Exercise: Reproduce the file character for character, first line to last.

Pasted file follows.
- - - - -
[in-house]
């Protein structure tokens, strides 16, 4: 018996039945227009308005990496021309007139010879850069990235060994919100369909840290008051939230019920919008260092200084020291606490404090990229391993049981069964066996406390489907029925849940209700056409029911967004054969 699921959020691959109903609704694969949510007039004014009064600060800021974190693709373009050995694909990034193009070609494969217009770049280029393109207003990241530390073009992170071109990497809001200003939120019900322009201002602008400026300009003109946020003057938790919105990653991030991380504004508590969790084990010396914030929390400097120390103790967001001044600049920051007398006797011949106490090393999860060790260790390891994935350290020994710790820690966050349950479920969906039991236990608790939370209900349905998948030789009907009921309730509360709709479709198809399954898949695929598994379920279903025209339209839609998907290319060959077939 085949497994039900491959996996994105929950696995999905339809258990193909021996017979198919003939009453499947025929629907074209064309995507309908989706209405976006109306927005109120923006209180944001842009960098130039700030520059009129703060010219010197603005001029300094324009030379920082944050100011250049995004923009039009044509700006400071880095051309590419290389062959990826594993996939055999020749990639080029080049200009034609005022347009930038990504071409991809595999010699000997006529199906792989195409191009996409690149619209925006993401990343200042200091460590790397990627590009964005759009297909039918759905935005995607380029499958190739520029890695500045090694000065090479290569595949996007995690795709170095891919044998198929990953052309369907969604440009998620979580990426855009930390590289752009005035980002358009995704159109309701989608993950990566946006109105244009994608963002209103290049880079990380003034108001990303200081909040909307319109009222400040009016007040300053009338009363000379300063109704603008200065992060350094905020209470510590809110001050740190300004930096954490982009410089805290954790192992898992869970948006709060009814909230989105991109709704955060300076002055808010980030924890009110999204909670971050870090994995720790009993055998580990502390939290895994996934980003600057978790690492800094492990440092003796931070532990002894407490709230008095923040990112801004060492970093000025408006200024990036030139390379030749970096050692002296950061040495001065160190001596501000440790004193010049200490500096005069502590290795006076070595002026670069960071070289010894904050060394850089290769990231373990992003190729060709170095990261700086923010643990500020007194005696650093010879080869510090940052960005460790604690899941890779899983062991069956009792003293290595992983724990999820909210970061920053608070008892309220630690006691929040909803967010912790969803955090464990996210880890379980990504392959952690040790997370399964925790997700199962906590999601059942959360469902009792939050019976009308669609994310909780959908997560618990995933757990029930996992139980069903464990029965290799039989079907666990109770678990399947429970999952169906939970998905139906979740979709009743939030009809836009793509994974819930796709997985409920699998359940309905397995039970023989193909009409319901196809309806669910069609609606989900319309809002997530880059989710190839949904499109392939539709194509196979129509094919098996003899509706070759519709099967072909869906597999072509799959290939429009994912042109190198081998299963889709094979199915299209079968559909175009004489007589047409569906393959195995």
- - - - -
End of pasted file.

[in-house]
């Protein structure tokens, strides 16, 4: 018996039945227009308005990496021309007139010879850069990235060994919100369909840290008051939230019920919008260092200084020291606490404090990229391993049981069964066996406390489907029925849940209700056409029911967004054969 699921959020691959109903609704694969949510007039004014009064600060800021974190693709373009050995694909990034193009070609494969217009770049280029393109207003990241530390073009992170071109990497809001200003939120019900322009201002602008400026300009003109946020003057938790919105990653991030991380504004508590969790084990010396914030929390400097120390103790967001001044600049920051007398006797011949106490090393999860060790260790390891994935350290020994710790820690966050349950479920969906039991236990608790939370209900349905998948030789009907009921309730509360709709479709198809399954898949695929598994379920279903025209339209839609998907290319060959077939 085949497994039900491959996996994105929950696995999905339809258990193909021996017979198919003939009453499947025929629907074209064309995507309908989706209405976006109306927005109120923006209180944001842009960098130039700030520059009129703060010219010197603005001029300094324009030379920082944050100011250049995004923009039009044509700006400071880095051309590419290389062959990826594993996939055999020749990639080029080049200009034609005022347009930038990504071409991809595999010699000997006529199906792989195409191009996409690149619209925006993401990343200042200091460590790397990627590009964005759009297909039918759905935005995607380029499958190739520029890695500045090694000065090479290569595949996007995690795709170095891919044998198929990953052309369907969604440009998620979580990426855009930390590289752009005035980002358009995704159109309701989608993950990566946006109105244009994608963002209103290049880079990380003034108001990303200081909040909307319109009222400040009016007040300053009338009363000379300063109704603008200065992060350094905020209470510590809110001050740190300004930096954490982009410089805290954790192992898992869970948006709060009814909230989105991109709704955060300076002055808010980030924890009110999204909670971050870090994995720790009993055998580990502390939290895994996934980003600057978790690492800094492990440092003796931070532990002894407490709230008095923040990112801004060492970093000025408006200024990036030139390379030749970096050692002296950061040495001065160190001596501000440790004193010049200490500096005069502590290795006076070595002026670069960071070289010894904050060394850089290769990231373990992003190729060709170095990261700086923010643990500020007194005696650093010879080869510090940052960005460790604690899941890779899983062991069956009792003293290595992983724990999820909210970061920053608070008892309220630690006691929040909803967010912790969803955090464990996210880890379980990504392959952690040790997370399964925790997700199962906590999601059942959360469902009792939050019976009308669609994310909780959908997560618990995933757990029930996992139980069903464990029965290799039989079907666990109770678990399947429970999952169906939970998905139906979740979709009743939030009809836009793509994974819930796709997985409920699998359940309905397995039970023989193909009409319901196809309806669910069609609606989900319309809002997530880059989710190839949904499109392939539709194509196979129509094919098996003899509706070759519709099967072909869906597999072509799959290939429009994912042109190198081998299963889709094979199915299209079968559909175009004489007589047409569906393959195995």